Are you one of the 2 billion active Facebook users around the world today? Maybe you access a range of social media platforms daily, or maybe you’re a little wary of the whole idea? You may think Facebook is a fantastic tool for keeping in touch with people, or maybe you’re worried about privacy issues or loss of traditional face-to-face contact? Opinion is often divided on how and why we should use social media, but it can’t be denied that it is taking a key role in our society.
Whatever your views are on social media, have you ever considered how it might affect your marriage?
For a couple of years now the statistic “Facebook linked to one in five divorces” is quoted at different times in the UK and USA press. Recently The Wall Street Journal wrote an article refuting this statistic and showing gaps in the evidence base for it, but in many people’s minds the niggling worry remains: is Facebook bad for my marriage?
Protecting your marriage
Groups like The Social Media Couple work to help couples create a balance in how they use social media. They are encouraged to embrace the benefits while also putting sensible boundaries in place to ensure that their marriage remains healthy. The website contains helpful tips and they have published the first book on this subject, ‘Facebook and Your Marriage’. Some of the benefits of social media that they point out include declaring to your circle of friends that you are ‘married’ through your status; affirming your spouse publicly; and sharing photos etc easily, especially if one of you works long hours or away from home.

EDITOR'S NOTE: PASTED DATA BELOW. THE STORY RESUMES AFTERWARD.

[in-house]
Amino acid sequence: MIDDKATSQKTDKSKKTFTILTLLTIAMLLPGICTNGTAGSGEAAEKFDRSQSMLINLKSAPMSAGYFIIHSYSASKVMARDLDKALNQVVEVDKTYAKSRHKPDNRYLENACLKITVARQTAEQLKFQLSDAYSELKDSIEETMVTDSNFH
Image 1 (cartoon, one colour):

In your marriage it’s a good idea to set boundaries with your partner in areas such as how you will spend your money or how you relate to the opposite sex. In the same way it’s a good idea to set boundaries about how you will use the internet and social media. We often talk about ‘safeguarding’ children in relation to the internet, and it’s important to ‘safeguard’ your marriage too. Perhaps it’s not something that many of us will have considered before, but couples can find it helpful to discuss this and set some guidelines together.
Here are some ideas that you might like to consider:
This is also true with regard to your children. Remember that lots of people you both know can see the comment, including, perhaps, your spouse’s colleagues or your children. Even if something negative is said in jest it can be embarrassing for your spouse and is hard to retract. The same is true of embarrassing pictures. Staying away from Facebook when you’ve just had an argument is a good rule of thumb!
Decide together how much time it is appropriate for you both to spend on social networking sites
Social networking can be strangely addictive and it can be easy for your spouse to feel you’re more interested in the computer activity than in them. Don’t let the internet get in the way of face-to-face time with your partner, of real conversations and date nights. Consider having a couple of days’ away from any social networking sites every so often to ensure that you are communicating with each other properly.
Remember, you can ‘de-friend’ people. If someone is flirting with you online, you find yourself checking their profile regularly, or they are posting material that makes you uncomfortable, you can choose to hide certain posts or decide to no longer be their online friend. Protecting your marriage and yourself is much more important than maintaining the friends that you have on Facebook.
As the use of social media websites continues to grow and gain more and more prominence in society over time, there will be lots of benefits from getting involved. But don’t forget tips like the above to ensure that you safeguard your marriage. As with any area of your married life, always think about how your spouse would feel as a result of your actions and make him or her your number one priority both on and offline.
This information is supplied in good faith, but Care for the Family cannot accept responsibility for any advice or recommendations made by other organisations or resources.